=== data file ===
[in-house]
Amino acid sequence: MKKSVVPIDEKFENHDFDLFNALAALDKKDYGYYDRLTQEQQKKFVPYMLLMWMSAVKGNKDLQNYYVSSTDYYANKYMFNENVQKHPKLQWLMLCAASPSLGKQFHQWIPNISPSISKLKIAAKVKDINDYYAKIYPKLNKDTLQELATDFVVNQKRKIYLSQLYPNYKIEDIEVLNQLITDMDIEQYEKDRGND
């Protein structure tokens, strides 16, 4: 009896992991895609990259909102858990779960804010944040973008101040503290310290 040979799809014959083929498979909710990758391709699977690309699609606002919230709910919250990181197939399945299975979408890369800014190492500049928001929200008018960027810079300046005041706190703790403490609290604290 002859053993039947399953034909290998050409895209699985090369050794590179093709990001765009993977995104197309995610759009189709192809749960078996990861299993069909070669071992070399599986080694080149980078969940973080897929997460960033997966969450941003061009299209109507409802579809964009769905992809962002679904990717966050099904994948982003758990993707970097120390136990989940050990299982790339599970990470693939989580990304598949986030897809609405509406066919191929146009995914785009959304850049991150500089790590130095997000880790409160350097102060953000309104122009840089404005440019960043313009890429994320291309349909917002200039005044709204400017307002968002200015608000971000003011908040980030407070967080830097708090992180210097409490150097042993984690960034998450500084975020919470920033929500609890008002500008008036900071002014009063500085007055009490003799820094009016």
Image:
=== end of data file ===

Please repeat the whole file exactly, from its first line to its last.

[in-house]
Amino acid sequence: MKKSVVPIDEKFENHDFDLFNALAALDKKDYGYYDRLTQEQQKKFVPYMLLMWMSAVKGNKDLQNYYVSSTDYYANKYMFNENVQKHPKLQWLMLCAASPSLGKQFHQWIPNISPSISKLKIAAKVKDINDYYAKIYPKLNKDTLQELATDFVVNQKRKIYLSQLYPNYKIEDIEVLNQLITDMDIEQYEKDRGND
């Protein structure tokens, strides 16, 4: 009896992991895609990259909102858990779960804010944040973008101040503290310290 040979799809014959083929498979909710990758391709699977690309699609606002919230709910919250990181197939399945299975979408890369800014190492500049928001929200008018960027810079300046005041706190703790403490609290604290 002859053993039947399953034909290998050409895209699985090369050794590179093709990001765009993977995104197309995610759009189709192809749960078996990861299993069909070669071992070399599986080694080149980078969940973080897929997460960033997966969450941003061009299209109507409802579809964009769905992809962002679904990717966050099904994948982003758990993707970097120390136990989940050990299982790339599970990470693939989580990304598949986030897809609405509406066919191929146009995914785009959304850049991150500089790590130095997000880790409160350097102060953000309104122009840089404005440019960043313009890429994320291309349909917002200039005044709204400017307002968002200015608000971000003011908040980030407070967080830097708090992180210097409490150097042993984690960034998450500084975020919470920033929500609890008002500008008036900071002014009063500085007055009490003799820094009016």
Image: